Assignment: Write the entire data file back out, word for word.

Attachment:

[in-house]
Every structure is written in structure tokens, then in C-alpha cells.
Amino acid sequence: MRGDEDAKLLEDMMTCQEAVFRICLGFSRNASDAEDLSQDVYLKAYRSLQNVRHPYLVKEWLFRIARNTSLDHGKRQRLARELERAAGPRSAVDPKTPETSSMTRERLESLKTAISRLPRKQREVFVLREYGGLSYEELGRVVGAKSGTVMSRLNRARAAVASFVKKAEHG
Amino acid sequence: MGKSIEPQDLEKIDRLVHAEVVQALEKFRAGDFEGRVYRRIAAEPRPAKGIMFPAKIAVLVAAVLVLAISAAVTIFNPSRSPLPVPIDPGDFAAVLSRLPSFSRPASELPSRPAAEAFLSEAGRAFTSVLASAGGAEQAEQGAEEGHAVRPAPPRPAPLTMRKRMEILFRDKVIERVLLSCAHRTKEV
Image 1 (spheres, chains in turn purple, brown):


[in-house]
Every structure is written in structure tokens, then in C-alpha cells.
Amino acid sequence: MRGDEDAKLLEDMMTCQEAVFRICLGFSRNASDAEDLSQDVYLKAYRSLQNVRHPYLVKEWLFRIARNTSLDHGKRQRLARELERAAGPRSAVDPKTPETSSMTRERLESLKTAISRLPRKQREVFVLREYGGLSYEELGRVVGAKSGTVMSRLNRARAAVASFVKKAEHG
Amino acid sequence: MGKSIEPQDLEKIDRLVHAEVVQALEKFRAGDFEGRVYRRIAAEPRPAKGIMFPAKIAVLVAAVLVLAISAAVTIFNPSRSPLPVPIDPGDFAAVLSRLPSFSRPASELPSRPAAEAFLSEAGRAFTSVLASAGGAEQAEQGAEEGHAVRPAPPRPAPLTMRKRMEILFRDKVIERVLLSCAHRTKEV
Image 1 (spheres, chains in turn purple, brown):